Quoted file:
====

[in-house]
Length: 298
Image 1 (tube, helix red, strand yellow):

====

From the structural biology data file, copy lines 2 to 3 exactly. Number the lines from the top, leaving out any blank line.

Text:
Length: 298
Image 1 (tube, helix red, strand yellow):